Showing posts from October, 2006

Moral Minds

New York Times
October 31, 2006
Books on Science
An Evolutionary Theory of Right and Wrong

Who doesn’t know the difference between right and wrong? Yet that essential knowledge, generally assumed to come from parental teaching or religious or legal instruction, could turn out to have a quite different origin.

Primatologists like Frans de Waal have long argued that the roots of human morality are evident in social animals like apes and monkeys. The animals’ feelings of empathy and expectations of reciprocity are essential behaviors for mammalian group living and can be regarded as a counterpart of human morality.

Marc D. Hauser, a Harvard biologist, has built on this idea to propose that people are born with a moral grammar wired into their neural circuits by evolution. In a new book, “Moral Minds” (HarperCollins 2006), he argues that the grammar generates instant moral judgments which, in part because of the quick decisions that must be made in life-or-death situations, are…


October 24, 2006

Op-Ed Columnist
New York Times

One Nation, Divisible

An American in Iraq has finally gotten it almost right.

J. D. Thurman, the major general who is the senior commander of U.S. forces in Baghdad, has figured out the obstacle to America’s dream for Iraq.

“Part of our problem is that we want this more than they do,” General Thurman told The Times’s Michael Gordon, alluding to American efforts to unify Iraqis. “We need to get people to stop worrying about self and start worrying about Iraq.”

That’s a refreshingly candid alternative to the usual lines we hear about the Iraqi people’s patriotism and resolve. General Thurman predicted that Americans will keep struggling unless Iraqis put aside their differences. Quite right — and quite depressing, because they’re not about to do it, no matter what timetable the U.S. tries to impose.

But what’s stopping them is not selfishness. When General Thurman talked about the conflict between serving oneself and serving one’s c…

Positive feedback relationship

It is admittedly difficult to prove that mankind has changed biologically since, let us say, the days of the ancient Greeks and Romans, if by "proof" you mean demonstration of sizeable gene differences. We cannot test the genes of Pericles or Caesar or their contemporaries. But neither was Darwin able to "prove" organic evolution in this sense. The evidence is indirect, inferential, but nevertheless, I think, conclusive.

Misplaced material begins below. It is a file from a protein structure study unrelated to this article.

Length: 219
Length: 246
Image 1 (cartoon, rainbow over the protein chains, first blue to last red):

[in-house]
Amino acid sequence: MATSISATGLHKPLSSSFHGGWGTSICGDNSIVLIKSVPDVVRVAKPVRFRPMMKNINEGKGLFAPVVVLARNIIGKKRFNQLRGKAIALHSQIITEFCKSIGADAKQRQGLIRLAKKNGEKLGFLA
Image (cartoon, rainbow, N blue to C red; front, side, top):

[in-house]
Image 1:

Paradoxically, it is precisely because we know that mankind changes so greatly culturally that we can be so confident that it changes to some extent also genetically. When the environment changes, the only other necessary condition for the occurrence of genetic evolutionary change can be defined. This is the presence in human popluations of genetic variants, some of which confer upon their carriers a higher fitness....

Despite all the inadequacies of our present knowledge of human genetics, this can scarcely be doubted. What is more, since the env…

The likelihood of more recent genetic evolution

... the capacity for innovation in behaviorally modern humans materially speeded up evolution, because it led to frequent innovation, and every significant innovation created a mismatch with the environment and, therefore, new selective pressures. Look at the Bushmen: they're 4' 8" and hunt big game. They couldn't do it without poisoned arrows and, back before missile weapons, no one did: early humans were bigger and built like linebackers. The bow begat the Bushmen.

Take agriculture: the switch to reliance upon cereals cut protein intake almost threefold while reducing protein quality and greatly increasing the percentage of high-glycemic carbohydrates in the diet (along with other changes) That put huge areas of metabolism under selective pressure - towards more robust glucose regulation, towards changes that conserve protein, especially essential/scarce amino acids. Check out the distribution of diabetes - it's not 'thrifty genes', it's pre- and post…

Clothes unmake the woman

"Even after her husband was executed, Marie Antoinette defied her captors by ordering mourning dress, seeking solace in the illusion that had set her on her unlucky course: the notion that by controlling her image, she could master her fate. Bound for the chopping block, deprived of her widow’s weeds, she still contrived to have a clean-lined martyr’s costume smuggled into her cell. She was the first woman of whom it truthfully could be said that she shopped until she dropped"

Liesl Schillinger reviewing

What Marie Antoinette Wore to the Revolution.
By Caroline Weber

in The New York Times Book Review

Bred for Agression

Nicolas Wade once again identifies some meaningful research and makes it available to the general reader. If such work in neuroscience and genetics shows how brains, including human brains, predispose us to certain kinds of productive or counterproductive actions, why don't our modes of intervention (including, of course, punishment) reflect such findings? We are caught in a vicious cycle where adverse environments reinforce genetically influenced behviour. This is cause for much pessimism, particularly since a whole welfare industry with a vested interest in maintaining the status quo tends to frustrate achieving any real modification, if modifications can indeed be made in laissez faire societies....


October 10, 2006 ~ The New York Times

Flyweights, Yes, but Fighters Nonetheless: Fruit Flies Bred for Aggressiveness

By Nicholas Wade

What can stand on its hind legs and duke…